Local legend claims that Henry's son, King Richard the Lionheart, after the ill-fated wound with an arrow in 1199, also lost his spirit in Chinon, although most likely he was already dead when his body was delivered to this castle.

Then the plantagenet crown was inherited by Richard's brother John, who received the nickname Landless. Again, it was in Chinon in August 1200 that he celebrated his wedding with Isabella of Angouleme, cousin of the king of France, and then fortified Chinon against the French king Philip Augustus for another two years. However, despite all his efforts, the fortress still fell in 1205 under the blows of the army of Philip, after which John in 1214 had to sign a truce here with Philippe, depriving him of many possessions in France.

Well, then the castle turned into a royal prison and was most closely associated with the history of the Templars and their mysteriously lost treasures.

Well, then, already during the Hundred Years War, the future Dauphin Karl, in the future the King of France, Charles VII, having married Marie of Anjou, it was Chinon who made his summer residence, where since 1427 his entire courtyard has been located.

And then a truly historic event took place here that radically changed the fate of France: in March 1429, Jeanne d'Arc arrived in Chinon, where they meet with the Dauphin, convinces him to be crowned in Reims, and give her an army to free Orleans besieged by the British. This famous episode of an epic story is usually portrayed as a kind of mythical and absolutely wonderful scene. According to legend, Karl’s courtiers decided to test the girl by dressing up the dauphin in simple clothes and hiding him in the crowd, but Jeanne unmistakably recognized him among other people. However, in fact, in Chinon there were two meetings of the Dauphin and Jeanne. The first took place in February of this year in the apartment of the Dauphin, after which he sent her to Poitiers to meet with the theologians in order to check. Upon her return, she was again received by Carl. This second audience was already more official in nature, and then, as often happens, both of these meetings merged into one, and then a decent share of mysticism intervened in this story. It is believed that when Jeanne recognized the dressed king hidden among the courtiers, she told him something that proved her omniscience and instilled vigor and confidence in him. Later, during interrogation, Jeanne told another story in which she claimed that the king received a sign that helped him recognize her. It was a "beautiful, honorable and good sign." Later, she already said that an angel appeared then, who “stepped to the ground”, “entered the hall through the door” and gave the golden crown to Archbishop Reims, who, in turn, handed it to Karl. In any case, the symbolism of the situation is completely obvious. But the “miracle” did not pass in vain, but helped Karl regain his kingdom. It’s just that no historical sources confirm exactly this nature of their meeting, and how everything was really unknown to anyone. And this is just one secret from the many secrets of Chinon Castle, which, apparently, we will never be able to solve!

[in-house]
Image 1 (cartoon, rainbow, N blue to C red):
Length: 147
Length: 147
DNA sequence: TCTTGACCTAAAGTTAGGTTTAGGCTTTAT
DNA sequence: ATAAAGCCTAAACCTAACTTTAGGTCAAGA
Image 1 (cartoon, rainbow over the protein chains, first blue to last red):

The last fortification works in the castle were carried out in 1560 during the so-called “Wars of Faith”, after which the castle was abandoned and began to decline into a little.